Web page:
An alleged London-based company has come in the eye of a storm for waging a disinformation campaign in France via social media influencers to malign anti-COVID-19 Pfizer/BionNTech vaccine.
Several social media influencers with a large subscriber base revealed to have been contacted by a communication agency Fazze to make videos on Pfizer vaccine, projecting it as dangerous to public health.
“It’s strange. I received a partnership proposal which consists of breaking down the Pfizer vaccine on video. Colossal budget, client who wants to remain incognito and you have to hide the sponsorship,” posted Leo Grasset on Twitter. His popular YouTube channel DirtyBiology with videos on science mysteries has a subscriber base of 1.17 million followers.
Sami Ouladitto, a comedian with 401,000 YouTube subscribers and Et Ca Se Dit Medecin or medical intern (over 85,000 Instagram followers) also reportedly received similar offers.
Amine, the influencer behind the medical intern account, told Brut media that he was offered a sum of 2,000 euros ($2,446) by the anonymous client to publish false content on the Pfizer vaccine.
Grasset said the email asked him to avoid using the words sponsors or advertisers and to present the information material as his own independent investigation. “…explain them with the expression, ‘the death rate among the vaccinated by Pfizer is almost 3X higher than among the vaccinated by AstraZeneca’,” a part of the mail posted on Twitter read.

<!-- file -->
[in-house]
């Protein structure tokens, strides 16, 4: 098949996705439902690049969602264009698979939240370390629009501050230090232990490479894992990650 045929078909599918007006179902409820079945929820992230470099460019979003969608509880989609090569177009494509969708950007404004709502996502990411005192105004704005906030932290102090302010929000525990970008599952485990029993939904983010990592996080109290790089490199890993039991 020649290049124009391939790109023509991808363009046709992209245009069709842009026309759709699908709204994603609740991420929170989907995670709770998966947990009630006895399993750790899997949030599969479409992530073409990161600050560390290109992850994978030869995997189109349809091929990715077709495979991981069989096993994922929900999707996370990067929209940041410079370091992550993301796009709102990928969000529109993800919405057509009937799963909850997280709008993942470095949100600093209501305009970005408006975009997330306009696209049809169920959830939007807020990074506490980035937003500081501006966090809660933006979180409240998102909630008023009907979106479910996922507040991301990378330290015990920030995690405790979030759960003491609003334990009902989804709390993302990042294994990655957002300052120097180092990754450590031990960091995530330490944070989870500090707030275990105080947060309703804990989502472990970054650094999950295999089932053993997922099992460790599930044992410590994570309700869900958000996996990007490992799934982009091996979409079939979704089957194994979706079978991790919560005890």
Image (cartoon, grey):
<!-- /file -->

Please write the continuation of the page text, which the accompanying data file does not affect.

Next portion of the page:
He further revealed that the address of the London agency that sent him an email was bogus. All the alleged employees had worked in Russia before and only existed on LinkedIn profiles, which were deactivated as on May 24.
Anadolu Agency also visited the address of Fazze agency in London and found it to be occupied by a laser center. The agency was also not registered with the UK’s registrar of companies, the Companies House. A report in the Le Monde newspaper said the agency presented itself in 2018 as domiciled in the Virgin Islands.
Health Minister Oliver Veran, in an interview with BFMTV on Tuesday, called the disinformation campaign as “lousy, dangerous, and irresponsible.”
“The French are in a large majority to want the vaccine today and I do not believe that the inclination, whether it comes from outside the country or elsewhere, aiming to try to make negative communication are likely to divert the French from vaccination,” he said.
The AstraZeneca anti-COVID-19 vaccine developed by British-Swedish pharmaceutical company has been entangled in controversies since reports emerged that recipients of its shot suffered from serious blood clots. The European Union briefly banned the vaccine in March and resumed it after positive recommendation from the European Medicines Agency and the World Health Organization that there is no interlink between the vaccine and clots.
EU member countries, including France, have also been at loggerheads with AstraZeneca pharmaceuticals for slow delivery of vaccines while supplying the doses on priority to the UK-AA